The Problem - Integration Loops
In a two-way sync integration, a change in one app is reflected in the other app and vice versa. This brings some problems with it that cannot be left overlooked while creating integration Flows. An update or addition of data in one app can cause continuous back and forth updates between the two synced apps, making it an infinite cycle. Let’s better understand this with an example.
Consider you have created an integration that syncs your contacts between Sendinblue and MailChimp. Now let’s say you update a contact’s information in Sendinblue. This will Trigger a response from Sendinblue in the integration that will cause the contact to be updated in MailChimp as well. However, the reflection of this update in MailChimp will again Trigger a response. For the two-way sync to work, this update will again have to reflect in the first app.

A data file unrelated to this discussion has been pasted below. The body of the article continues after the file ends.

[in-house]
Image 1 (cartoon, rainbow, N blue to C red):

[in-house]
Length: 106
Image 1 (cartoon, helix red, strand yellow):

This is because the integration listens to all update events, and the app sends these events to their respective Triggers even if we’re the ones doing the updates. This will cause an infinite loop of back and forth updates of that contact in both apps. A similar problem will arise in the case of contact creation that is synced both ways.
The Loop Prevention Feature
To ensure you don’t get hindered by loops in your integrations, we bring you the loop prevention feature in the Flow builder. With one single click, your Flow will become free of any potential loops that can be originated.
You can enable loop prevention for your Flow with the toggle button found in the Flow UI configuration section, as seen below.
When loop prevention is turned on, its corresponding backend algorithms become available to be used in Flows. They are designed specifically to support the smooth execution of two-way sync use-cases in Flows by making sure no loops are introduced.
Let’s see the mechanism behind this feature for the “Update” and “Create” use-case examples for contacts in Flows.
Requirements for Loop Prevention Feature to Work